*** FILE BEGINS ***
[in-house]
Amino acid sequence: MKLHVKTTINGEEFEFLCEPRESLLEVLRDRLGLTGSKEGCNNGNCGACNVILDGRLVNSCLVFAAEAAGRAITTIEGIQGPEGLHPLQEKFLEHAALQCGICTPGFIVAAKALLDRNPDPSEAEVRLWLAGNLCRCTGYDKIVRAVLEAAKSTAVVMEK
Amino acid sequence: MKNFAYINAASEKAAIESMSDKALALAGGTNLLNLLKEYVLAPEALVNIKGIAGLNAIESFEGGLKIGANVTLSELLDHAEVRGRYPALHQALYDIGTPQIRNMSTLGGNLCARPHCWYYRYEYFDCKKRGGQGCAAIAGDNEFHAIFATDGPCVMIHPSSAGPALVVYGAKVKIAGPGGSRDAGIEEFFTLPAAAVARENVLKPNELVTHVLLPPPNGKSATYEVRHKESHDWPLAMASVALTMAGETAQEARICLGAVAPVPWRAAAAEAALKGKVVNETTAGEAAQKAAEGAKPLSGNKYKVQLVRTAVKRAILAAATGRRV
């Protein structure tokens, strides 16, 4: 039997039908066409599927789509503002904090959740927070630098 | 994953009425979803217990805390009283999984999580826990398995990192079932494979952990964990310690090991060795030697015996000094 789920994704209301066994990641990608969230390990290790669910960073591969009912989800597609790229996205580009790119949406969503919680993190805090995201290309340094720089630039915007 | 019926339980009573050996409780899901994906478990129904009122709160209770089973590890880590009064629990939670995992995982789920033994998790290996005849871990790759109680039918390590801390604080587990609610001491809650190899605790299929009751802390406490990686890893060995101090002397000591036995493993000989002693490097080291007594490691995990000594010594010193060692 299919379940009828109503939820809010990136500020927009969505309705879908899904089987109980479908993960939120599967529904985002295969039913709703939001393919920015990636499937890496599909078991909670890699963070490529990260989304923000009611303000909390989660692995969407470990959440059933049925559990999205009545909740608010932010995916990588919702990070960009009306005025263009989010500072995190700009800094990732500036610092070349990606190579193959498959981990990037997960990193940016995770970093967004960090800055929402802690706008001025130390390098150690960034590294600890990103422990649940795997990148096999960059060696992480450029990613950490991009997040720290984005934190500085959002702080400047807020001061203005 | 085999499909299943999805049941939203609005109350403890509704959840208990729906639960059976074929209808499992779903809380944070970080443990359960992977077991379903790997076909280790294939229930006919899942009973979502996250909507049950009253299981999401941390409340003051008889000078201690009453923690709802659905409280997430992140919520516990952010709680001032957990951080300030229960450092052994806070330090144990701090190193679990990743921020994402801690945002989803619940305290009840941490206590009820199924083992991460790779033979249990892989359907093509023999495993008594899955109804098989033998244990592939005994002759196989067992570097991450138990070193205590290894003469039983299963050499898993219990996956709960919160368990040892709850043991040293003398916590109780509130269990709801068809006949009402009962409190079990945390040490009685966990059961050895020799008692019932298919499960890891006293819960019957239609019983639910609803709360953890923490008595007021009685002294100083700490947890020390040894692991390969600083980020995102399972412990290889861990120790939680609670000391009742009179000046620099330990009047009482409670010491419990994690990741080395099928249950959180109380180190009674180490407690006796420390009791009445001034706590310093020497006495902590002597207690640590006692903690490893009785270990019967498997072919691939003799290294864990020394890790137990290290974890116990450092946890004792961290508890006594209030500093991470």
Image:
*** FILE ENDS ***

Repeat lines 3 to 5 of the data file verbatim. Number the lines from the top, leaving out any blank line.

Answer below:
Amino acid sequence: MKNFAYINAASEKAAIESMSDKALALAGGTNLLNLLKEYVLAPEALVNIKGIAGLNAIESFEGGLKIGANVTLSELLDHAEVRGRYPALHQALYDIGTPQIRNMSTLGGNLCARPHCWYYRYEYFDCKKRGGQGCAAIAGDNEFHAIFATDGPCVMIHPSSAGPALVVYGAKVKIAGPGGSRDAGIEEFFTLPAAAVARENVLKPNELVTHVLLPPPNGKSATYEVRHKESHDWPLAMASVALTMAGETAQEARICLGAVAPVPWRAAAAEAALKGKVVNETTAGEAAQKAAEGAKPLSGNKYKVQLVRTAVKRAILAAATGRRV
């Protein structure tokens, strides 16, 4: 039997039908066409599927789509503002904090959740927070630098 | 994953009425979803217990805390009283999984999580826990398995990192079932494979952990964990310690090991060795030697015996000094 789920994704209301066994990641990608969230390990290790669910960073591969009912989800597609790229996205580009790119949406969503919680993190805090995201290309340094720089630039915007 | 019926339980009573050996409780899901994906478990129904009122709160209770089973590890880590009064629990939670995992995982789920033994998790290996005849871990790759109680039918390590801390604080587990609610001491809650190899605790299929009751802390406490990686890893060995101090002397000591036995493993000989002693490097080291007594490691995990000594010594010193060692 299919379940009828109503939820809010990136500020927009969505309705879908899904089987109980479908993960939120599967529904985002295969039913709703939001393919920015990636499937890496599909078991909670890699963070490529990260989304923000009611303000909390989660692995969407470990959440059933049925559990999205009545909740608010932010995916990588919702990070960009009306005025263009989010500072995190700009800094990732500036610092070349990606190579193959498959981990990037997960990193940016995770970093967004960090800055929402802690706008001025130390390098150690960034590294600890990103422990649940795997990148096999960059060696992480450029990613950490991009997040720290984005934190500085959002702080400047807020001061203005 | 085999499909299943999805049941939203609005109350403890509704959840208990729906639960059976074929209808499992779903809380944070970080443990359960992977077991379903790997076909280790294939229930006919899942009973979502996250909507049950009253299981999401941390409340003051008889000078201690009453923690709802659905409280997430992140919520516990952010709680001032957990951080300030229960450092052994806070330090144990701090190193679990990743921020994402801690945002989803619940305290009840941490206590009820199924083992991460790779033979249990892989359907093509023999495993008594899955109804098989033998244990592939005994002759196989067992570097991450138990070193205590290894003469039983299963050499898993219990996956709960919160368990040892709850043991040293003398916590109780509130269990709801068809006949009402009962409190079990945390040490009685966990059961050895020799008692019932298919499960890891006293819960019957239609019983639910609803709360953890923490008595007021009685002294100083700490947890020390040894692991390969600083980020995102399972412990290889861990120790939680609670000391009742009179000046620099330990009047009482409670010491419990994690990741080395099928249950959180109380180190009674180490407690006796420390009791009445001034706590310093020497006495902590002597207690640590006692903690490893009785270990019967498997072919691939003799290294864990020394890790137990290290974890116990450092946890004792961290508890006594209030500093991470």
Image: